Smartphone 'addiction' increasingly seen as problem by consumers

20 October 2017 Consultancy.uk

The steady permeation of smartphone use into almost every functionality of daily life may be impairing consumers’ ability to concentrate, particularly in the case of younger users. Further competition by developers and manufacturers is meanwhile likely to see the devices become ever more pervasive, raising concerns about the impact of the overuse of mobile phones on both mental and physical health.

85% of the UK population own a smartphone. While such devices have obvious utility, with map functions and internet on the go, they may also have a host of downsides – with heavy-users often succumbing to distraction, poor sleep patterns, poor posture, and reduced attention spans among other symptoms.

In a new report from Deloitte, titled ‘State of the Smart’, the consulting firm explores the concerns that users have with regard to their use of the devices. The report is based on a poll of 3525 consumers across the full age spectrum, based in the UK.

As a result of fierce competition in the sector, phone and application designers may be over-producing new innovative products and services. While these are designed for the increased comfort of users, they are resulting in behaviours that are not good for the mental or physical health by nature of their rapid evolution. They are potentially also negatively affecting work and personal relationships.

Too much mobile phone use

The survey found that 39% of users think that they are using their mobile phone too often. This was especially typical of younger respondents aged between 16-25, as well as those aged between 25-34,  with 56% and 55% of respondents concerned about their level of use.

19% of those between 16-24 look at their smartphone at least 100 times per day; while 12% look more than 200 times. Smartphones also tend to be picked up by 34% of UK respondents within five minutes of waking up, and by 55% within an hour after waking up.

One of the more concerning results suggested that as many as 78% of users look at the screen within the hour prior to sleeping, exposing them to blue light, which has a negative impact on sleep. Two thirds of young people, 16-24 year olds, check their phones during the night – which, given the need for their bodies to sleep, may have negative developmental effects from lack of adequate sleep. Other areas of concern include the use of mobile phones while walking, with 11% of respondents saying that they use them while crossing the road, while 53% do so while walking in general.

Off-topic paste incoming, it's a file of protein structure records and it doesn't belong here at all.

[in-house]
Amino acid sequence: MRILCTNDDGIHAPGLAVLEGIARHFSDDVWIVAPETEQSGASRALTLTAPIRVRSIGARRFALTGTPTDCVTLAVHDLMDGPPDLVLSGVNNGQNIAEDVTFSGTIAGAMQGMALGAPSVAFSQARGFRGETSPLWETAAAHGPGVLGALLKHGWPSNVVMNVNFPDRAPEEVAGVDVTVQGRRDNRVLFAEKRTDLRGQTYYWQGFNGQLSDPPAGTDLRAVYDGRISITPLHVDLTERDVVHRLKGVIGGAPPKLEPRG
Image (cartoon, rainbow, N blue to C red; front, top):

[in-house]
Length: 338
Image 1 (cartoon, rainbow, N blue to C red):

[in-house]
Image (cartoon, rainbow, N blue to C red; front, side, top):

Overuse context

This perpetual attachment of users to their screens may well be built in part by the relentless intrusion of smartphone software. Intrusive push notifications and buzzes have built the technology increasingly into everyday activities. When asked in which situations they believed they used mobile phones too often, 40% said ‘all the time’, followed by 31% that said ‘at night’. A range of respondents also noted ‘when with family’ (34%), ‘at the weekends’ (16%), ‘when with friends’ (15%), and ‘at work / school’ (13%).

Teenagers appeared to be the most affected by how smart phones are designed to illicit responses from them – with 90 checks on average per day according to this survey. Their almost universal adoption (92% own such a device) and their consistent use at all hours (66% use it during the night) has resulted in 68% of the group being designated as ‘using the phone too much’.

The survey also asked whether people thought that others used their phones too much; parents (60%), in particular, thought that their children ‘definitely’ or ‘probably’ use their phone too much, while 41% said that they believe their partner uses their phone too often.

Negative impacts

The research suggests that users are increasingly finding themselves in a vicious cycle, with decreasing attention spans leading to addiction-like habit formation, which in turn feeds back into further overuse and a double bind. Given the relatively high levels of distraction, and the interest from companies for the creation of attention seeking applications (they get more revenues), regulators may step in to limit or change how the devices and application can be or ought to be used. Questions pertaining to the actual benefits of the devices on the lives of young people may also be asked – particularly as companies create products and services that only coincidentally benefit users, while actually aiming to maximise business outcomes.

Paul Lee, Head of Research for Technology, Media and Telecoms at Deloitte, commented, “With every year the smartphone is becoming easier and more enticing to use. The question is: are we at the point at which smartphones have become almost too good for people to cope with, and if so, what remedies might be required? Interestingly, the steps that people are taking to control smartphone usage have a common theme: removing temptation.”

In 2016, around 49% of e-commerce transactions involved a smartphone, which is expected to increase to more than 80% by 2020. While meeting customer expectations on their smartphones is becoming increasingly important, the intrusion of smartphone technology into all aspects of life looks set to be fostered by retailers in particular in coming years, with the platform providing a lucrative market for the sector.

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